ERIC Number: ED356314
Record Type: Non-Journal
Publication Date: 1991
Reference Count: N/A
The Monitoring and Evaluation of Adult Literacy and Basic Education Programmes: Towards an Interactive Approach. Paper 10.
The arguments for the monitoring and evaluation of adult literacy and basic education programs are no different from those justifying monitoring and evaluation of any other educational program. The priority and status accorded different programs are likely to determine commitment to their internal and external evaluation and the form that these take. Explanations for not identifying common procedures for monitoring and evaluation are expressed in terms of complexities at program and project levels and imply limitations of evaluative procedures. However, common procedures are conceivable for monitoring and evaluation of other, equally diverse, educational projects and programs. Therefore, it is also technically conceivable in this case. Explanations for agency and government failure to introduce systematic monitoring and evaluation procedures include lack of awareness of the relevance of monitoring for effective project execution and of the importance of evaluation to future policy formulation. Structural constraints most likely explain the infrequency and lack of system in monitoring and evaluation procedures. Evaluation schemes to date have included assessment of the acquisition of the core skills of literacy and numeracy and required careful planning. A proposed common approach to evaluation would be a process by which participants have a part in systematically reviewing all stages of a literacy or basic education project and its contribution to wider sectoral objectives. (Contains 32 references.) (YLB)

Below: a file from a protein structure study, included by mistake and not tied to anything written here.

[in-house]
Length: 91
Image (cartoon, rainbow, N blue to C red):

Descriptors: Adult Basic Education, Adult Literacy, Adult Programs, Evaluation Methods, Foreign Countries, Literacy Education, Models, Program Evaluation
Department of Continuing Education, University of Warwick, Coventry CV4 7AL, England, United Kingdom (2.95 British pounds).
Publication Type: Opinion Papers
Education Level: N/A
Authoring Institution: Warwick Univ., Coventry (England). Dept. of Continuing Education.